PRINCE ALBERT, SK — Darlene Stonechild is preparing to bring a piece of her family’s history home to her southeastern Saskatchewan First Nation. Her brother, Dale Stonechild, a prolific artist known primarily for his paintings, is one of the carvers behind a totem pole that has stood for almost 45 years on a bank of
PRINCE ALBERT, SK — Darlene Stonechild is preparing to bring a piece of her family’s history home to her southeastern Saskatchewan First Nation.
Her brother, Dale Stonechild, a prolific artist known primarily for his paintings, is one of the carvers behind a totem pole that has stood for almost 45 years on a bank of the North Saskatchewan River in Prince Albert.
The pole was created and gifted to the city by a group of inmates from Saskatchewan Penitentiary in 1975, but has to be removed because the base is rotting and it’s no longer safe.
Judy MacLeod Campbell, the city’s arts and cultural director, told paNOW that cultural protocols were followed to decide what to do with the damaged pole.
Having been told that the lead carver, James Sutherland, had likely died, and without contact information for his family, the city next consulted with elders and knowledge keepers from the Indigenous community.
It was ultimately decided the pole would be laid to rest near the penitentiary. When Darlene Stonechild learned of that plan, she reached out to McLeod Campbell and told her she’d like to bring the artifact back to the Okanese First Nation on behalf of her brother.
“So we worked together and we worked it out,” Stonechild said. “We can display it in Okanese where his home is. This is his homeland, where his relatives are, and his grandchildren can be proud of something.”
Stonechild talks to her brother, who is in prison in Abbotsford, B.C., regularly over the phone and said he approved the plan.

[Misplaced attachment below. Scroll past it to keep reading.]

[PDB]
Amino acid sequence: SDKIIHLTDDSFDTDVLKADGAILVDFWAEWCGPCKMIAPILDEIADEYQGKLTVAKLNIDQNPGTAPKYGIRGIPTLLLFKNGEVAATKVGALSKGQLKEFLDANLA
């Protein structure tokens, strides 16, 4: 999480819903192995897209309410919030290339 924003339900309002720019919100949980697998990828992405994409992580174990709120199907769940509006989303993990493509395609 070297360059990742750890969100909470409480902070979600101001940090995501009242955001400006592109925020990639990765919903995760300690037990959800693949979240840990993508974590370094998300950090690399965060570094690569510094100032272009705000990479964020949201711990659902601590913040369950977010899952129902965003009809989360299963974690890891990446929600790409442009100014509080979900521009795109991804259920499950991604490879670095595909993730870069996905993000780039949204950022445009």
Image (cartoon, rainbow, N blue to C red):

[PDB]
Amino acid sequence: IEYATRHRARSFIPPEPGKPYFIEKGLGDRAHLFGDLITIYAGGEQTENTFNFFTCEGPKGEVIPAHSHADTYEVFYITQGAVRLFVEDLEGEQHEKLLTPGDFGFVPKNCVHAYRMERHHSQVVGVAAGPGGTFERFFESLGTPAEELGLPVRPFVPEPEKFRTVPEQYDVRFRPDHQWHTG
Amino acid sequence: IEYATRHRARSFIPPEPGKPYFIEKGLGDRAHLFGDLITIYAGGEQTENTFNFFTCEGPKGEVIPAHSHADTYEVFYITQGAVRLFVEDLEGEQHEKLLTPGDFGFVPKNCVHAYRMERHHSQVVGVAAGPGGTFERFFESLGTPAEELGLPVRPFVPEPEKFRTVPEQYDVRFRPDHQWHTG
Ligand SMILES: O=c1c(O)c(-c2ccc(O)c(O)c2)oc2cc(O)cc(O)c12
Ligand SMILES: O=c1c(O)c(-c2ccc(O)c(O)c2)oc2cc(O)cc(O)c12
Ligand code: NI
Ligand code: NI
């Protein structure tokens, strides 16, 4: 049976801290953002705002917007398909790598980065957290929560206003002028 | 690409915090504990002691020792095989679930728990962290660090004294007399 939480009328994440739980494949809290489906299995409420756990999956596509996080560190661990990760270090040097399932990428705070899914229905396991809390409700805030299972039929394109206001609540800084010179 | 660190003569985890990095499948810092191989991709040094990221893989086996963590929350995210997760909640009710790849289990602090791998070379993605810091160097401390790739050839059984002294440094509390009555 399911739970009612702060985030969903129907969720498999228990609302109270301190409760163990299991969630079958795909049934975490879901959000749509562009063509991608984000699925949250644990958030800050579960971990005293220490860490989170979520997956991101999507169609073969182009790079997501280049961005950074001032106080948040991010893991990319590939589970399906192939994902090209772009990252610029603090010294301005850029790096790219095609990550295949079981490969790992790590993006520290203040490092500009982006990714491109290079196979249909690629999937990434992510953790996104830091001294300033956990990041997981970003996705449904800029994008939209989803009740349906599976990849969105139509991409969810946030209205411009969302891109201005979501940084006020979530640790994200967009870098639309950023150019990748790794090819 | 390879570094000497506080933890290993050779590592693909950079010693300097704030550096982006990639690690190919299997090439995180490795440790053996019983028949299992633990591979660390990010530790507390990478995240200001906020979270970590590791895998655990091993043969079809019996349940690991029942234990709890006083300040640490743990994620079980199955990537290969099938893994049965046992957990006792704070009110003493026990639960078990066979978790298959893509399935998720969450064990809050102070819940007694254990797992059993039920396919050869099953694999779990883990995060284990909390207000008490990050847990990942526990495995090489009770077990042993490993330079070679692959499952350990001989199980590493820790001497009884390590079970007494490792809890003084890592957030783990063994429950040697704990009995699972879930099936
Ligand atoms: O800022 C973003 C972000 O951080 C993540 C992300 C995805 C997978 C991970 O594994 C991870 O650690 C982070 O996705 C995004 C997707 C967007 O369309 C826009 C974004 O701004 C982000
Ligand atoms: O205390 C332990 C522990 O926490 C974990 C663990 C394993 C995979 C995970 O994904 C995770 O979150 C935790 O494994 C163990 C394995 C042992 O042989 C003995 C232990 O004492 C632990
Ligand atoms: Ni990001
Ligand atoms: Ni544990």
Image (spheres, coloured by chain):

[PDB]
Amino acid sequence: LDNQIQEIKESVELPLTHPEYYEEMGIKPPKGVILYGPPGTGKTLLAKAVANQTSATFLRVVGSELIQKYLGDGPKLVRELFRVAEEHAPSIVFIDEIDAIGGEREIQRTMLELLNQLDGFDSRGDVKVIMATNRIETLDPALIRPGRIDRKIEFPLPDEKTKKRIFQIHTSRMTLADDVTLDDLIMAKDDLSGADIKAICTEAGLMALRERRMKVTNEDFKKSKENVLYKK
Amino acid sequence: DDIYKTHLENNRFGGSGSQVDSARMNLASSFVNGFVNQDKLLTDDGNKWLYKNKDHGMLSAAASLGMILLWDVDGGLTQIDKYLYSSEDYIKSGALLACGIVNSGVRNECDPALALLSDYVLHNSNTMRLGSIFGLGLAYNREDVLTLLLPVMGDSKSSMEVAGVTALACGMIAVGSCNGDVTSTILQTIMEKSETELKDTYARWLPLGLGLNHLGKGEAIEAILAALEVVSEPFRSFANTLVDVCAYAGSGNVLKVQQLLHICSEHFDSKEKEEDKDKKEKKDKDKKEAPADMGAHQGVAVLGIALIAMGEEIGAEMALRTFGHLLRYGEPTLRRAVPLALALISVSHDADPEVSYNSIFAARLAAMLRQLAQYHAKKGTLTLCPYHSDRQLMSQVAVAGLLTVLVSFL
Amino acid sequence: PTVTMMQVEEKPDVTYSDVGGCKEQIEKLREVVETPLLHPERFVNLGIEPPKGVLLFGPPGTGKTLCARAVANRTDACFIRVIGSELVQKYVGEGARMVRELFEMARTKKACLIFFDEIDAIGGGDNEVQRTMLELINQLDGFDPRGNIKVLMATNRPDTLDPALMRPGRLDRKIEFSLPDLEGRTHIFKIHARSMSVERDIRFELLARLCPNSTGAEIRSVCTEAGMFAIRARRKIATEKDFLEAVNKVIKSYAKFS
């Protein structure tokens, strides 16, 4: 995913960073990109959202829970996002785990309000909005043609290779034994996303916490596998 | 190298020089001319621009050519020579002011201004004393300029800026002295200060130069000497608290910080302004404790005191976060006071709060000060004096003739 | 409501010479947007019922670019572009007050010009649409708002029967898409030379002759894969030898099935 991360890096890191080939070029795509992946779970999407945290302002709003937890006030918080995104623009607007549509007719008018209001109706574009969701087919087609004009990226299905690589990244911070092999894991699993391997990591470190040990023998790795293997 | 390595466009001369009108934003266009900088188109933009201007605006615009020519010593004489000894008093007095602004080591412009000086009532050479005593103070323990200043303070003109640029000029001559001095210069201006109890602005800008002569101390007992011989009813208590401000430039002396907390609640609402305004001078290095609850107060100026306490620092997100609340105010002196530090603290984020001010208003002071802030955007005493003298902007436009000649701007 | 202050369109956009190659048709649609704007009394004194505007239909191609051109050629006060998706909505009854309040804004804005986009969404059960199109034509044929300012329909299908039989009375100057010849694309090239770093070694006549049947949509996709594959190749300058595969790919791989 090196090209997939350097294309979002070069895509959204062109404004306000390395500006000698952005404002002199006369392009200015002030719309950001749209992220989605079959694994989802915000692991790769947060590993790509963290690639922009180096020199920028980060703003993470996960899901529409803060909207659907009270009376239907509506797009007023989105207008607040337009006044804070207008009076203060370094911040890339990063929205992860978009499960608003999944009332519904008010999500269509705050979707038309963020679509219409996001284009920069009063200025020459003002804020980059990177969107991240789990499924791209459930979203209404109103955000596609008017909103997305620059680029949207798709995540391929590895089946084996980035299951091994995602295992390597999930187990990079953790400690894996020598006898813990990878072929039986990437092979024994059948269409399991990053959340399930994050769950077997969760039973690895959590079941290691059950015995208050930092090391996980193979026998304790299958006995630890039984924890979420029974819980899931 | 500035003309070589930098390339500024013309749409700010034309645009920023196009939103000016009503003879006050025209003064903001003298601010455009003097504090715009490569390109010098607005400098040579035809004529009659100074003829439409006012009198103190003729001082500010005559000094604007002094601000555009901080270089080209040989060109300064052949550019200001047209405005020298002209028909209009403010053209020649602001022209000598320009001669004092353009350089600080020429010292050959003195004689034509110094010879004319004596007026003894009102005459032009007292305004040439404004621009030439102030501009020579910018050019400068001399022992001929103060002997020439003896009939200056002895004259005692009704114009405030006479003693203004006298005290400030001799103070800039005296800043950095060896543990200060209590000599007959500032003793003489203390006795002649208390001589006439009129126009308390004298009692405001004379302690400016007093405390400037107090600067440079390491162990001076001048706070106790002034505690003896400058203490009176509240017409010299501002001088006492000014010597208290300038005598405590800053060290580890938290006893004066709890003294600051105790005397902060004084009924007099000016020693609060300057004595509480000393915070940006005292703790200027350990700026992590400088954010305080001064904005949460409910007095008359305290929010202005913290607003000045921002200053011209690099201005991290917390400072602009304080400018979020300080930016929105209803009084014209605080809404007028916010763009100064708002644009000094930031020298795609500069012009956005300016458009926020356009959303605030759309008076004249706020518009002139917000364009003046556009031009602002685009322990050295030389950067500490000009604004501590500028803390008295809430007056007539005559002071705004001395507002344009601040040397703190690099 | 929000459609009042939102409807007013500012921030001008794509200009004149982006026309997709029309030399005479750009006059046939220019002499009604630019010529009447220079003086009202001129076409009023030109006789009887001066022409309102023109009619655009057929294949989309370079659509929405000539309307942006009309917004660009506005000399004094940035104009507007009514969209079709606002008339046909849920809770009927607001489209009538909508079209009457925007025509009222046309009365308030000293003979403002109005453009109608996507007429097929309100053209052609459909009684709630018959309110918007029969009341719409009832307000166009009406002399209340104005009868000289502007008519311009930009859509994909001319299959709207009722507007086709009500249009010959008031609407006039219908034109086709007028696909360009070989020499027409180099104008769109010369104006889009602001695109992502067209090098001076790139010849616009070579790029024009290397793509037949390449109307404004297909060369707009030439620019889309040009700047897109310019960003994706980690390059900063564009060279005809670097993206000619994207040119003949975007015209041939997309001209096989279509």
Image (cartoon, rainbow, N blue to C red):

His sister learned about the history of the landmark from him. During the 1970s, when her brother and Sutherland were incarcerated at Saskatchewan Penitentiary, there was no recreational programming.
“So what the people of (Prince Albert) would do, they would come into the penitentiary and they’d have picnics and barbecues and play football, and soccer and play cards with the inmates,” she said.
The activities were hugely important to the prisoners, she said.
“I think they kept them sane at a time when nobody was there. Their families weren’t there.”
As a symbol of their appreciation, some of the inmates — led by Sutherland with Stonechild as his main assistant — carved the totem pole as a gift to the city.
Stonechild is responsible for much of the painting, including the wings of the thunderbird that crowns the pole.
Darlene Stonechild said her brother was always interested in art, but wasn’t able to use his gifts to their full potential early in life. He and his siblings spent much of their childhood and adolescence attending the Gordon Indian Residential School in Punnichy, Sask.
Stonechild said her brother has struggled with the life-long effects of the physical, sexual and emotional abuse he endured there.
In 2013, he was convicted of manslaughter in the death of a Regina man during an argument when both men had been drinking.
Stonechild, 65, has six years left in his 15-year sentence. Even if he were to be released on parole, it’s unlikely the conditions would allow him to leave B.C., said his sister, so it’s unclear if and when he’ll be able to see the totem pole displayed in his home community.
She is planning to come to Prince Albert to get the pole in September. There is to be a ceremony as it is taken down and it will then be transported by flatbed truck to the Okanese First Nation near Balcarres, about 85 kilometres northeast of Regina.
The Stonechild family and the First Nation will cover the cost of the move.
Stonechild said she wants to emphasize the gratitude she feels towards the city of Prince Albert for letting her take the totem pole and looks forward to displaying it in her yard.
“For myself and my relatives — Dale’s relatives — it’s a lot of pride. It’s his art that’s coming home, a piece of history, his history is coming home.”